2009 - 2013. Slovenia, Finland, Romania, Sudan. 

Supported by the European Union research grant


I defended my Computer Science PhD thesis in mid 2013, with the official title: Integrating users in the interaction design of ubiquitous systems. The main outcome was the EPUI design research methodology. 

My PhD research took me from the castles of Transylvania, deserts of Sudan, to the Arctic circle in Finland and the small cities of Slovenia. The goal was to identify patterns and form a more universal, a leaner design methodology, tailored for the design of ubiquitous systems. The EPUI methodology is the end result which was validated with research and industry partners. 


The benefits of participatory and user-centered design practice are well documented, still the existing methodologies are not updated to fit the lean design cycles. Especially when designing for IoT or any kind of ubiquitous systems. 

Research goal

The goal was to analyse existing participatory and user-centered design methodologies in the wild. To find what works and identify patterns that could be applied in various conditions. The main focus was the design of IoT products and services, especially in a fast-paced world occupied with startups. 

Methodology and methods

Ethnography. Participatory Action Design Research (PADR). Participatory Design. Action Design Research (ADR). Contextual Inquiry. Critical Design. Frustration diaries. 


  • The EPUI methodology consisting of four phases: Explore, Participate, Understand and Integrate
  • The Double Integration process that defines the need for the designer to integrate before integrating the users
  • The Play In/Play Out method to ease the participation and integration process
  • EPUI has been validated with industry partners: Gorenje, Iskratel, Deutsche Bahn and several startup companies
  • Research findings and the EPUI methodology used by in-house research, design and development teams as well as the default R&D approach in 7 companies
  • We proved that the methodology is an ideal fit for companies that do not have internal R&D departments or have limited research budgets. But still want to ship products that better address their customers’ needs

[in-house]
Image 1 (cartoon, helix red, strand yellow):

• Publications in international journals and conferences

The Double Integration process

Part of the EPUI methodology is the Double Integration process. It describes the involvement levels of the designer/researcher and the users. In my thesis, I also wrote about how and when other stakeholders should get involved in the design process. The point of double integration is that the designer becomes an active participant and embraces the risks that come along with it. But if the designer succeeds, he/she earns the trust of the users and gains better insight. I proved that this is the best way to form a long-lasting relationship and the only way towards true open innovation. 

The Double Integration process

Play in and Play out cycles

Gamification plays an important role in my user research methodology. In the 4 years of my PhD research, I worked with numerous gaming communities both online and offline to understand what works. In my thesis, I used this insight and proposed a set of Play In/Play Out cycles. There is a Global Play In, a Global Play Out and the mini Play In/Out cycles. 

The Global Play In happens in the Participate phase and it helps to build the bridge between the designers/researchers and the users. It is especially crucial when designing for Internet of Things or Ubiquitous Systems when working in unknown domains and with specific users.

The Global Play Out is equaly important. Participatory design is all about getting users to collaborate, but researchers and designers often forget about the people once the design process starts. The Global Play Out serves as an epilog for the users. To explain what they were involved with and to invite them to remain part. 

In between the design process, I often use short Play In/Out cycles. They are especially valuable in a longer design process spanning over months. The Play In/Out cycles keep users as well as the other stakeholders engaged and provide meaning. I found out they are a great way to keep everyone "on the same page."